November 2, 2006
Torts gone wild: Justices risk sending the wrong message in a 'hard case' concerning punitive-damage awards
Editorial from today's Los Angeles Times -- Torts gone wild: Justices risk sending the wrong message in a 'hard case' concerning punitive-damage awards. Perhaps it's indicative of a shift in popular opinion that the L.A. Times would urge the overturning of a huge punitive damages verdict against a tobacco company and also tangentially note that the plaintiff in the case "had disregarded warnings from his family about the risks of smoking." Here's an excerpt:
After Oregon's highest court affirmed the jury verdict against Philip Morris, the U.S. Supreme Court asked lawyers for the company and Mrs. Williams to address two questions. One was whether Philip Morris' "reprehensible" conduct overrode the requirement that punitive damages bear a reasonable relation to actual damages. The other was whether the Constitution allows a jury in a case brought by one individual to punish the defendant for the effects of its conduct on others.
Both questions seem like no-brainers in light of past decisions about the need for punitive damages to bear a reasonable relationship to proven harm. Yet during oral arguments Tuesday, several justices seemed to suggest that ambiguities in the record — such as whether the Oregon Supreme Court had concluded that punitive damages could be based on harm to non-parties — might require returning the case to lower courts.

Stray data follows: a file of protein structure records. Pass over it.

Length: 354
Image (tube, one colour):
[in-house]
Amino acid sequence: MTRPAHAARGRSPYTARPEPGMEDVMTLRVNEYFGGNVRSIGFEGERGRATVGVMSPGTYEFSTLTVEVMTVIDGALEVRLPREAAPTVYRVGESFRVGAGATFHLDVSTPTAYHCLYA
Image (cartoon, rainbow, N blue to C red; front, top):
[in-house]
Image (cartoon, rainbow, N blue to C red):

Punting the case would be a terrible idea. As this lawsuit demonstrates, many lower courts are uncomfortable with the Supreme Court's efforts to curb outlandish punitive-damage awards. An inconclusive ruling would embolden those courts in their resistance. It also would encourage speculation that recent changes in the high court's membership have undermined its punitive-damage precedents. Two of the six justices in the majority in the 2003 ruling, the late Chief Justice William H. Rehnquist and Sandra Day O'Connor, are no longer on the court.
Huge awards in individual lawsuits — as opposed to sensible legislation — are not the best way to curb smoking, obesity, gun violence and other threats to public health. The Supreme Court should see through the smoke screen of this "hard" case and say that.
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